Lot 11
  • 11

Articles of Confederation

Estimate
50,000 - 75,000 USD
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Description

  • ink and paper
Articles of Confederation and Perpetual Union between the States of New-Hampshire, Massachusetts-Bay, Rhode-Island and Providence Plantations, Connecticut, New-York, New-Jersey, Pennsylvania, Delaware, Maryland, Virginia, North-Carolina, South-Carolina, and Georgia. Lancaster, (Pennsylvania) Printed: Boston: Re-printed by John Gill, Printer to the General Assembly, 1777

Folio (12 3/8 7 1/2 in.; 315 x 190 mm). Title-page foxed, some splotching. Half calf over marbled boards in period style, spine in six compartments gilt (one reserved for red lettering piece).



Bound with:
The Constitution or Frame of Government for the Commonwealth of Massachusetts. Boston: Printed by Benjamin Edes and Sons, Printers to His Excellency the Governor, the Council, and Senate of the Commonwealth of Massachusetts, 1781. Browned throughout.



And with:
Acts and Laws of the Commonwealth of Massachusetts. Boston: Printed by Benjamin Edes and Sons, Printers to His Excellency the Governor, the Council, and Senate of the Commonwealth of Massachusetts, 1781 [–1783]. Table bound in before title-page, manuscript annotation to table regarding law on p. 123 (under "N"), quires Ii–Mm and Pp , Rr printed on blue paper; browned throughout, some staining, paper flaw to E1 causing loss of text in several lines, pressman's ink smears marring text on Q1,

Provenance

Acquisition: William Reese

Literature

Articles of Confederation: Evans 15623; Church 1142; O. & M. Handlin, Commonwealth (Cambridge, 1969), pp. 24–31; North American Imprints Project w0044587; Sabin 2142; Streeter sale 1:787

Constitution: Evans 17229; North American Imprints Project w004587; Sabin 45691

Acts and Laws: Evans 17212–17215, 17589–17592, 18022; North American Imprints Project w015077

Condition

Articles of Confederation: Title-page foxed, some splotching. Half calf over marbled boards in period style, spine in six compartments gilt (one reserved for red lettering piece). Constitution: Browned throughout. Acts and Laws: Table bound in before title-page, manuscript annotation to table regarding law on p. 123 (under "N"), quires Ii–Mm and Pp , Rr printed on blue paper; browned throughout, some staining, paper flaw to E1 causing loss of text in several lines, pressman's ink smears marring text on Q1,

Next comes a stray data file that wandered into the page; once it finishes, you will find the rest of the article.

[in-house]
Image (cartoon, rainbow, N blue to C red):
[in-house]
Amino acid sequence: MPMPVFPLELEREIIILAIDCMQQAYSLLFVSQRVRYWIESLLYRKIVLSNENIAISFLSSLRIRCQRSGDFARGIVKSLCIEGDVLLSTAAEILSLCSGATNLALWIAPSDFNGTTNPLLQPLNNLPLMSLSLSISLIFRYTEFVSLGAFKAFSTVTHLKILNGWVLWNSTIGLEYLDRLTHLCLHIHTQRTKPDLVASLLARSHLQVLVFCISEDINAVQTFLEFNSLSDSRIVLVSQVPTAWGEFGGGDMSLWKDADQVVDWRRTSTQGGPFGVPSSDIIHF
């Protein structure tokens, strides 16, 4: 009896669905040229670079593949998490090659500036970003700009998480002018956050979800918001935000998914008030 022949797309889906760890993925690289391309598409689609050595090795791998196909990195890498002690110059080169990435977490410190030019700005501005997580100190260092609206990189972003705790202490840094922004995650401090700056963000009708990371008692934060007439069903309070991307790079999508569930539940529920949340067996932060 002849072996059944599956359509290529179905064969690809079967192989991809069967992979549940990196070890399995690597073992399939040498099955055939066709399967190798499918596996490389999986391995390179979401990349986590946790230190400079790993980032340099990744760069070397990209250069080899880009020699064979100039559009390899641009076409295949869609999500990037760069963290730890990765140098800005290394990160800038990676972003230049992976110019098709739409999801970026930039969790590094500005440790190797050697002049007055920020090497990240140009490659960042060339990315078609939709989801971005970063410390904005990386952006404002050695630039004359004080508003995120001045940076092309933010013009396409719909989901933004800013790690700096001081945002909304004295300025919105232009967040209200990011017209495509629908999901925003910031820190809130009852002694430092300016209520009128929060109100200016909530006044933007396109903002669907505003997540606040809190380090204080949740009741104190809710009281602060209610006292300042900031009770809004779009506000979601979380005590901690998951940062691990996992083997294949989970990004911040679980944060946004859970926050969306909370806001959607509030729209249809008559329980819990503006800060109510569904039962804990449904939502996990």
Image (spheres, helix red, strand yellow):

In response to your inquiry, we are pleased to provide you with a general report of the condition of the property described above. Since we are not professional conservators or restorers, we urge you to consult with a restorer or conservator of your choice who will be better able to provide a detailed, professional report. Prospective buyers should inspect each lot to satisfy themselves as to condition and must understand that any statement made by Sotheby's is merely a subjective qualified opinion.
NOTWITHSTANDING THIS REPORT OR ANY DISCUSSIONS CONCERNING CONDITION OF A LOT, ALL LOTS ARE OFFERED AND SOLD "AS IS" IN ACCORDANCE WITH THE CONDITIONS OF SALE PRINTED IN THE CATALOGUE.

Catalogue Note

The first system of government of the United States, the cornerstone of any Americana collection. A grand experiment, a nation composed of independent states, voluntarily joining together for common defenses, diplomacy, and a few other responsibilities, this furthest (and sadly premature) expression of "States' rights" resulted in dismal failure. The close of the year 1786 found the Articles of Confederation in widespread discredit, and many national leaders eager to refashion it with a stronger central government.

First printed in Lancaster, while Congress met there during the British occupation of Philadelphia, this is the first Boston edition and the fifth edition overall listed by Evans. It includes two other Congressional resolutions, asking that the text be forwarded to the state legislatures, and asking the states to contribute cash (not bills of credit) for the prosecution of the war.

The Articles of Confederation is bound with the first folio printing (and second overall) of the final ratified constitution for the Massachusetts commonwealth.  A more radical constitution had been proposed in 1778 granting suffrage to all males except African-Americans, Native Americans, and mulattos but it was rejected. "In some respects the constitution of 1780 remedied the defects of its predecessor ... A bill of rights assured to each citizen 'the security of his person and property' as an unassailable condition to the social contract. A strong executive with extensive veto powers, an independent judiciary appointed for good behavior, and a senate representing property effectively restrained the house of representatives, the only popular branch of government" (Oscar and Mary Handlin). The Handlins also recognize John Adams's pivotal role in crafting the 1780 constitution.

The sammelband also contains a complete run of the laws of Massachusetts passed from October 1780 to March 1783. As the war was still raging in the South and in New York, many of the bills call for raising funds, establishing a state lottery to fund clothing for troops, the seizure of property of "conspirators," and the creation of a new militia act.